Why Take Flexibility Progress Pictures?

Tips for getting the most out of flexibility progress pictures
Ashleigh Flanagan
March 9, 2022

Why Take Flexibility Progress Pictures?

I advocate taking progress photos to track flexibility training and target the aesthetic you are after. The main reason is that it always feels awful when you challenge yourself training flexibility. Stretching only feels ‘good’ when you are in familiar ranges that don’t challenge you. At least some level of challenge to our system is required to make progress. 

Your sympathetic nervous system enacts a fight/ flight response when you challenge yourself in training. Think of it as your subconscious self saying, ‘this is new. Are you sure about this?’. You may feel nervous, notice your heart racing, and experience a strong desire to stop doing what you are doing. At this time, you are more sensitive to pain (things that wouldn’t usually be painful are painful) and have less pain tolerance (ability to access skills and strategies that help you ‘sit with’ pain) than usual. You are also more likely to experience unhelpful emotions and thoughts that make you less likely to continue your training. It’s common to have sessions where you feel disheartened, hopeless, and think you will never improve. It’s part of the fight or flight response and is unlikely to reflect reality. This is the perfect time to use photos as evidence of your progress. 

When to take progress pictures

I encourage people to take progress pictures from the beginning of their flexibility training journey. So often, people feel needlessly embarrassed or self-conscious, but we all have to start somewhere! By the time you begin to feel good about your progress you have missed recording the efforts of a lot of hard work and dedication.

It’s best to take progress pics after a training session or class. Be warmed up. Pushing yourself to get deeper ‘for the gram’ is an excellent way to injurer yourself and slow your progress.

You don’t need to take a progress pic every time you train. Suppose it isn’t a great training day for you, it’s ok to leave the pic till next time, especially if you feel your confidence will take a hit. Being consistent is more important. Try to get a progress pic at least once every three months. If you feel taking progress pics monopolises your training time or becomes unhelpful, limit yourself to once a month.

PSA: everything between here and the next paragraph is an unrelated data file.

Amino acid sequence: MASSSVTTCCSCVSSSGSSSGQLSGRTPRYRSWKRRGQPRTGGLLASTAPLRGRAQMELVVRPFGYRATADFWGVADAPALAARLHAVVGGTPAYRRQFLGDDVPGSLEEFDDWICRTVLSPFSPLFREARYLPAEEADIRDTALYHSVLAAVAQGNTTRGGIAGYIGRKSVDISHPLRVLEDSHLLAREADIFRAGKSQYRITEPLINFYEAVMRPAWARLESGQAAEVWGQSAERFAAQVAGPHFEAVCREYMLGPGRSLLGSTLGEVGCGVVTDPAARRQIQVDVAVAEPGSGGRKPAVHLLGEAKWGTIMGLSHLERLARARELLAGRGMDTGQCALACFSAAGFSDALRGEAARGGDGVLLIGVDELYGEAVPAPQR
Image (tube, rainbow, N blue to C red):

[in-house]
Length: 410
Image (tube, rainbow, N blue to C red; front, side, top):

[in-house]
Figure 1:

How to take a progress picture or video

If you are really serious about using pictures to track your progress, you need to standardise your photos as well as you can. 

To standardise photos and videos;

Camera angle and height make a difference
Taking your before photo from too high an angle, while flattering means you dont get to see the true extent of your progress.

Other things to consider:

Apps that measure angles on photos are inaccurate

The angles that you use to make your lines look better aren't the best from tracking progress

But what if your progress pics don’t show progress?

Flexibility varies from day to day, depending on so many things. The things that will impact your flexibility the most in the short term are stress, poor sleep, overtraining/under-recovery, pain/injury, and inadequate hydration. Progress should be judged over the mid to long term, months to years rather than session to session. If you are training consistently, working on your weaknesses and being goal-specific, you are almost certainly making progress. 

Signs of flexibility progress

Often an increase in joint range is the last sign of progress. It’s important to recognise and acknowledge all signs of improvement that can include;

-You require less warm-up to get to the same range.
-You are more comfortable at the same range.
-You can hold the stretch for longer.
-Your active flexibility or control in the stretch has improved.
-Your alignment has improved.
-You can move in and out of the stretch more efficiently or with more variety.
-It takes less time to recover.
-You feel more confident training flexibility.
-You have more ‘good’ flexibility days than stiff/sore days.
-You feel more optimistic during your training.
-You are training more consistently.
-You notice less unhelpful intrusive thoughts during your training such as ‘ill never get any -better, ‘I can’t tolerate this’, ‘this if not possible for me’, or ‘if it hurts I’m doing something wrong.’
-Other people notice your improvement even if you don’t.

Amazing Progress!

Final thoughts

Progress pics can be helpful, but they aren't everything. Sometimes the perfect progress picture breaks all the rules. Therefore, it's always important to remind yourself why you are training flexibility anytime you take a progress pic.

Sometimes the perfect progress pic breaks all of the rules :)

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